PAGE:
The blossoming of fruit trees in Cieza in the Murcia region is a visual spectacle that has become one of the area’s most important tourist attractions. The explosion of color can be seen across the countryside from mid-February to the middle of March. Images of the colorful blooms are already being shared on social media via the hashtag #cieza and #floraciondecieza. The natural process begins with the change of weather but this year’s late winter has delayed the fleeting bloom by a few days.
Peach, plum and nectarine trees bloom in Cieza every year. It occurs just days before the beginning of Spain but sometimes comes early or is delayed. This year, it’s expected to reach its peak on March 3, according to the Cieza Town Hall.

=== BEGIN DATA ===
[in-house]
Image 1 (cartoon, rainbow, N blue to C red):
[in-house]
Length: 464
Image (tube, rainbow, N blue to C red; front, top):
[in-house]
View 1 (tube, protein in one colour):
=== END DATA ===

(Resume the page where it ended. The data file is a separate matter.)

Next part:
“To blossom the plants need a set time of cold, between 500 and 700 hours of 7°C temperatures. If the cold comes late to the area as has happened this year, the moment is likely to be delayed,” Mariano Sánchez, conservation expert at the Horticulture Department at the Botanic Garden of Madrid told Verne. “Bees are needed for pollination and if the trees do not bloom in time, it could be because the bees aren’t there,” he adds.
Too much cold can also “burn the fruit,” says Sánchez. Cieza Town Hall says the frosty conditions on February 25 and 26 have affected 20% of tree blooms. “Farm owners are not affected because they have insurance, but it has affected the workers who earn according to how much fruit they can pick. Also if there is less fruit arriving in the market, the price of the product will rise,” a representative from the Cieza Town Hall warned.
Tourism can also affect the crops but “only on specific plants,” says Sánchez. “If there are lots of people walking about the trees, the oxygen in the soil needed by the roots is lost.”
English version by Melissa Kitson.